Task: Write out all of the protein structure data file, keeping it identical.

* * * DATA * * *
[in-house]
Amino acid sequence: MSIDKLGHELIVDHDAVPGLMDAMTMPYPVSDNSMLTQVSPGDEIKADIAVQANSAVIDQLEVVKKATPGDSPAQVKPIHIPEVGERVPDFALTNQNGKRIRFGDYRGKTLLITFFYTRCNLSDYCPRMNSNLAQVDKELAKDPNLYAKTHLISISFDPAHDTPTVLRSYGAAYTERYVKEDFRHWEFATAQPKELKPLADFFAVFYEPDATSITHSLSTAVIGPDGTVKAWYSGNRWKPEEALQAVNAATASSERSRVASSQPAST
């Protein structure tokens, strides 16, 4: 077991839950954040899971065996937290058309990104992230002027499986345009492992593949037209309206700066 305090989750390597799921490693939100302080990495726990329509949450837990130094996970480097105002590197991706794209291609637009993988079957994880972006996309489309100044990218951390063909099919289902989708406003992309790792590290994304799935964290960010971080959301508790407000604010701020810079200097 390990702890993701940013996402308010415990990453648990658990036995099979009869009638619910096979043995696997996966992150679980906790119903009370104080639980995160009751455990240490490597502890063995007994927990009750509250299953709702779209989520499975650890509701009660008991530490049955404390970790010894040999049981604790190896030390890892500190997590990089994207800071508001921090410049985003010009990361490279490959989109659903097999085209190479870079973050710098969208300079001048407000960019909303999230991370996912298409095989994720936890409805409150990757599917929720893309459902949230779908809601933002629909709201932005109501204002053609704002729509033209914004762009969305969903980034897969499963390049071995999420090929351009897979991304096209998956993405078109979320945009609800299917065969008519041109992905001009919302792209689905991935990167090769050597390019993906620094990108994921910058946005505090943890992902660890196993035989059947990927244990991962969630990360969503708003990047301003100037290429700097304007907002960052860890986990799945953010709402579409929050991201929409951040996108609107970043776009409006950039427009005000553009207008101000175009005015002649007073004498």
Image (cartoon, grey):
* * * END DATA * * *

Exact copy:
[in-house]
Amino acid sequence: MSIDKLGHELIVDHDAVPGLMDAMTMPYPVSDNSMLTQVSPGDEIKADIAVQANSAVIDQLEVVKKATPGDSPAQVKPIHIPEVGERVPDFALTNQNGKRIRFGDYRGKTLLITFFYTRCNLSDYCPRMNSNLAQVDKELAKDPNLYAKTHLISISFDPAHDTPTVLRSYGAAYTERYVKEDFRHWEFATAQPKELKPLADFFAVFYEPDATSITHSLSTAVIGPDGTVKAWYSGNRWKPEEALQAVNAATASSERSRVASSQPAST
């Protein structure tokens, strides 16, 4: 077991839950954040899971065996937290058309990104992230002027499986345009492992593949037209309206700066 305090989750390597799921490693939100302080990495726990329509949450837990130094996970480097105002590197991706794209291609637009993988079957994880972006996309489309100044990218951390063909099919289902989708406003992309790792590290994304799935964290960010971080959301508790407000604010701020810079200097 390990702890993701940013996402308010415990990453648990658990036995099979009869009638619910096979043995696997996966992150679980906790119903009370104080639980995160009751455990240490490597502890063995007994927990009750509250299953709702779209989520499975650890509701009660008991530490049955404390970790010894040999049981604790190896030390890892500190997590990089994207800071508001921090410049985003010009990361490279490959989109659903097999085209190479870079973050710098969208300079001048407000960019909303999230991370996912298409095989994720936890409805409150990757599917929720893309459902949230779908809601933002629909709201932005109501204002053609704002729509033209914004762009969305969903980034897969499963390049071995999420090929351009897979991304096209998956993405078109979320945009609800299917065969008519041109992905001009919302792209689905991935990167090769050597390019993906620094990108994921910058946005505090943890992902660890196993035989059947990927244990991962969630990360969503708003990047301003100037290429700097304007907002960052860890986990799945953010709402579409929050991201929409951040996108609107970043776009409006950039427009005000553009207008101000175009005015002649007073004498």
Image (cartoon, grey):